By Benjamin Leatherman
By Glenn BurnSilver
By Glenn BurnSilver
By Troy Farah
By Roger Calamaio
By Mark Deming
By Glenn BurnSilver
By Brian Palmer
It's 10 o'clock, the television is on Channel 3 and the NewShow is on, but something is wrong, very wrong. There's no dancing letters, no familiar theme song, and -- gasp! -- co-anchor Liz Habib is sitting down.
Welcome to the new NewShow. KTVK-TV Channel 3's nightly broadcast -- which had become an unlikely force in the local music scene during its run -- has evidently decided to ditch the popular, infotainment approach that helped it carve out a unique identity among Valley newscasts.
"What I was beginning to be concerned about was that people were equating the 'Show' part of it as being bigger than the 'News' part of it," says KTVK executive news director Phil Alvidrez of the decision to tweak the show's format.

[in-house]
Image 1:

To that end, the program has undergone a none-too-subtle makeover during the past week which includes a stylistic overhaul -- different opening graphics and music, seated news anchors (translation: no more full body shots of Habib) -- to a more substantive shift in content away from entertainment and toward a renewed focus on hard news.
Although Alvidrez insists that NewShow gal-about-town Claudia DiFolco will continue to handle nightlife coverage, it seems -- with the new changes -- you're less likely to find her chatting up Snoop Dogg than, say, a Scottsdale restaurateur.